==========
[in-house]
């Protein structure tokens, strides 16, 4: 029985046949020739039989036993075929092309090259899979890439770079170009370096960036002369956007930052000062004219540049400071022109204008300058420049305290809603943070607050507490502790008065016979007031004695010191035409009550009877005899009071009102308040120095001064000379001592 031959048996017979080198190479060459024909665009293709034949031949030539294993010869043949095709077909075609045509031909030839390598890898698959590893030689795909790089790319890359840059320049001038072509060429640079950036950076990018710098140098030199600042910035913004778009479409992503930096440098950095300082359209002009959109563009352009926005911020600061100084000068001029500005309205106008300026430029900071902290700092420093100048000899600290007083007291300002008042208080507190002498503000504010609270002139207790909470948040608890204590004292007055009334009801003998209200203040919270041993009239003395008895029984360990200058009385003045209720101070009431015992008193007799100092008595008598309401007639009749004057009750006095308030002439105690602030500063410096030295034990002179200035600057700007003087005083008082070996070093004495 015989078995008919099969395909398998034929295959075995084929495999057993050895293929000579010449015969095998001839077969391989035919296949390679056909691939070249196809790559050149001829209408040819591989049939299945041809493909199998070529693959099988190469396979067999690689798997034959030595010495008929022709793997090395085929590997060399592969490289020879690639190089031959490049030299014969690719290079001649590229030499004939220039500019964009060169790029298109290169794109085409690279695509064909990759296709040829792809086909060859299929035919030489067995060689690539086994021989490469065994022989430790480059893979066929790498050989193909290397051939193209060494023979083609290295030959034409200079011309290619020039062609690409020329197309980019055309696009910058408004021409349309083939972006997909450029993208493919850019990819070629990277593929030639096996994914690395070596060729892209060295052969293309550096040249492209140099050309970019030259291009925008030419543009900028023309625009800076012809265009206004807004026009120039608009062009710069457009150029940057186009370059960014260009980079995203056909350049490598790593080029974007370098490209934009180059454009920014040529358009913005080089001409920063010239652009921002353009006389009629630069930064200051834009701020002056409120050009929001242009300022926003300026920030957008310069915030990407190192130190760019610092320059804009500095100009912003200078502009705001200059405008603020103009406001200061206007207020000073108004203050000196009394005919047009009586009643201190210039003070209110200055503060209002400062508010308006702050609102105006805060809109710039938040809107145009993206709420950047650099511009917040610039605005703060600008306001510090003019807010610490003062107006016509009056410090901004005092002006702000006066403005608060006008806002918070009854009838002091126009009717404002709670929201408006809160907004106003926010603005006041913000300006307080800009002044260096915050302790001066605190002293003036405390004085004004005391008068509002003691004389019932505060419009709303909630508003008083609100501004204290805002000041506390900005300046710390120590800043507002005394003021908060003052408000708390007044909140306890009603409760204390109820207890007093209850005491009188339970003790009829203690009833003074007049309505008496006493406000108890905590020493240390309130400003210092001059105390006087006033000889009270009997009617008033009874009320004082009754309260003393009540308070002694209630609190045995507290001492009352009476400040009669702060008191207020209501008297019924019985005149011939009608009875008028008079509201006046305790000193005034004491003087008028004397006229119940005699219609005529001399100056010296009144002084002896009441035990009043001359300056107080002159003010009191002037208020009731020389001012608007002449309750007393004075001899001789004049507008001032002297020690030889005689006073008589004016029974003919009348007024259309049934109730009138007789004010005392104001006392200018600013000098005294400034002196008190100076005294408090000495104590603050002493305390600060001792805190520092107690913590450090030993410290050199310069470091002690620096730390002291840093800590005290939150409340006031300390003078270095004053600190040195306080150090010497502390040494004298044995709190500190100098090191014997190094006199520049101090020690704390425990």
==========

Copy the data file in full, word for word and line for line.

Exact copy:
[in-house]
């Protein structure tokens, strides 16, 4: 029985046949020739039989036993075929092309090259899979890439770079170009370096960036002369956007930052000062004219540049400071022109204008300058420049305290809603943070607050507490502790008065016979007031004695010191035409009550009877005899009071009102308040120095001064000379001592 031959048996017979080198190479060459024909665009293709034949031949030539294993010869043949095709077909075609045509031909030839390598890898698959590893030689795909790089790319890359840059320049001038072509060429640079950036950076990018710098140098030199600042910035913004778009479409992503930096440098950095300082359209002009959109563009352009926005911020600061100084000068001029500005309205106008300026430029900071902290700092420093100048000899600290007083007291300002008042208080507190002498503000504010609270002139207790909470948040608890204590004292007055009334009801003998209200203040919270041993009239003395008895029984360990200058009385003045209720101070009431015992008193007799100092008595008598309401007639009749004057009750006095308030002439105690602030500063410096030295034990002179200035600057700007003087005083008082070996070093004495 015989078995008919099969395909398998034929295959075995084929495999057993050895293929000579010449015969095998001839077969391989035919296949390679056909691939070249196809790559050149001829209408040819591989049939299945041809493909199998070529693959099988190469396979067999690689798997034959030595010495008929022709793997090395085929590997060399592969490289020879690639190089031959490049030299014969690719290079001649590229030499004939220039500019964009060169790029298109290169794109085409690279695509064909990759296709040829792809086909060859299929035919030489067995060689690539086994021989490469065994022989430790480059893979066929790498050989193909290397051939193209060494023979083609290295030959034409200079011309290619020039062609690409020329197309980019055309696009910058408004021409349309083939972006997909450029993208493919850019990819070629990277593929030639096996994914690395070596060729892209060295052969293309550096040249492209140099050309970019030259291009925008030419543009900028023309625009800076012809265009206004807004026009120039608009062009710069457009150029940057186009370059960014260009980079995203056909350049490598790593080029974007370098490209934009180059454009920014040529358009913005080089001409920063010239652009921002353009006389009629630069930064200051834009701020002056409120050009929001242009300022926003300026920030957008310069915030990407190192130190760019610092320059804009500095100009912003200078502009705001200059405008603020103009406001200061206007207020000073108004203050000196009394005919047009009586009643201190210039003070209110200055503060209002400062508010308006702050609102105006805060809109710039938040809107145009993206709420950047650099511009917040610039605005703060600008306001510090003019807010610490003062107006016509009056410090901004005092002006702000006066403005608060006008806002918070009854009838002091126009009717404002709670929201408006809160907004106003926010603005006041913000300006307080800009002044260096915050302790001066605190002293003036405390004085004004005391008068509002003691004389019932505060419009709303909630508003008083609100501004204290805002000041506390900005300046710390120590800043507002005394003021908060003052408000708390007044909140306890009603409760204390109820207890007093209850005491009188339970003790009829203690009833003074007049309505008496006493406000108890905590020493240390309130400003210092001059105390006087006033000889009270009997009617008033009874009320004082009754309260003393009540308070002694209630609190045995507290001492009352009476400040009669702060008191207020209501008297019924019985005149011939009608009875008028008079509201006046305790000193005034004491003087008028004397006229119940005699219609005529001399100056010296009144002084002896009441035990009043001359300056107080002159003010009191002037208020009731020389001012608007002449309750007393004075001899001789004049507008001032002297020690030889005689006073008589004016029974003919009348007024259309049934109730009138007789004010005392104001006392200018600013000098005294400034002196008190100076005294408090000495104590603050002493305390600060001792805190520092107690913590450090030993410290050199310069470091002690620096730390002291840093800590005290939150409340006031300390003078270095004053600190040195306080150090010497502390040494004298044995709190500190100098090191014997190094006199520049101090020690704390425990």